Any changes will be made “well ahead” of the BBC Charter renewal in 2027, she said.
The Government believes the charge is becoming increasingly unsustainable as more viewers shift online, and Dorries believes the company is too London-centric and dominated by "elitist" metropolitan attitudes.
But will the BBC eventually be free to view without a licence, and will it have to begin airing adverts? What does it mean for viewers?
Here is everything you need to know.
What has Nadine Dorries said?
Dorries reaffirmed that the five-year licence fee settlement she imposed on the BBC in January, which froze the charge for the first two years, would be the last, as she unveiled a Broadcasting White Paper that promised to "usher in a new golden age for British TV and radio."
White papers are policy documents that outline the Government's legislative proposals for the future.
They serve as a foundation for consultation and discussion with interested parties, as well as the ability to make final adjustments to Bills before they are formally introduced to Parliament.
The Broadcasting White Paper warns that if nothing is done, viewers will have to pay "significantly" more in the future to make up for the deficit left by the one million households that have opted to stop paying the licence fee in the last two years.
With more people watching shows on devices other than TVs, as well as more competition for viewers and advertising money, Dorries believes that drastic reform is required to enable public service broadcasters to compete in the internet age.
Speaking to The Spectator, Dorries said: “We are going to very soon announce that we are going to be looking very seriously about how we fund the BBC.
“We are ready to implement a new way of funding the BBC.
“We’re going to be looking at how Ofcom hold the BBC to account and then very shortly after that we will be announcing other measures that we are going to put into place to start looking at how the BBC will be funded in the future so that we are well in time to have that in place for the Charter renewal.”
What would a change mean for the BBC?
Dorries’ comments come as the BBC debates how to support its services in the face of an unclear future for the licence fee.
When it comes to BBC funding cuts, director-general Tim Davie has stated that he would rather “make slightly less” content, but was not willing to “compromise quality”.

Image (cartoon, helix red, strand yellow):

Speaking at the VLV Spring Conference about the cost-saving measures being considered, Davie said: “I think the idea of trying to protect universality by doing everything with every service is the wrong way forward, you spread yourself too thin.”
Davie said he would not reveal what content or services could be cut yet, but that the objective is to "maximise the value" of the licence fee as part of the public service mission.
“We’re not trying to be Netflix, we are the BBC and very highly distinctive, of the highest quality,” he added.
He said the goal is to discover ways to be more efficient with funding while also looking for ways to increase commercial income and third-party investment.
The BBC produces roughly 31 original dramas a year, and Davie predicted that the corporation would have to "make less" of them if it didn't want to lose out on funding.
Another possible cost-cutting approach could be for services like BBC Four to become "primarily archive services."
Davies admitted that repeat programming would be necessary in this case, but claimed it would still be beneficial to customers who enjoy the channel's content.
How could the BBC be funded in future?
Despite talk of the licence fee being “scrapped”, only the current model is looking to be changed, and it’s unlikely that access to the broadcaster’s content will become entirely free.
Linking the fee to council tax is one option for changing the current system, a move which would see wealthier households pay a higher fee.
A household fee could also be imposed and paid along with other utility bills like gas and electricity.
Former Culture Secretary John Whittingdale has suggested funding the BBC's basic services comes from a Treasury grant, with viewers then paying a Netflix-style subscription "top-up" for entertainment and sport.
But Chancellor Rishi Sunak is likely to be cautious of any direct support of the BBC from the Treasury, which could raise questions about the broadcaster's independence from the Government.
What else is in the White Paper?
It’s not just the BBC in line for changes with the release of the White Paper.
Streamers operating in the UK could face fines of up to 5% of their earnings if found guilty of presenting “harmful” content, and a new Video-on-Demand Code will give UK users the power to report content on Netflix, Amazon, Disney, or Apple shows to Ofcom.
On-demand services from public broadcasters - like BBC iPlayer and ITV Hub - must also be given "appropriate prominence” on platforms like smart TVs, so that viewers can easier find UK programming.
Under other proposals, a convoluted set of 14 "purposes" and "objectives" imposed by rules passed in 2003 will no longer apply to UK public service broadcasters.
Instead, their remits will be simplified, with a new definition of what it means to be a public service broadcaster and an emphasis on creating distinctive productions that reflect British culture, support domestic film and TV production, and provide unbiased and reliable news coverage.
Sport fans will also benefit, with a modification to broadcasting regulations guaranteeing the BBC and other free-to-air networks live rights to show the World Cup and Olympics.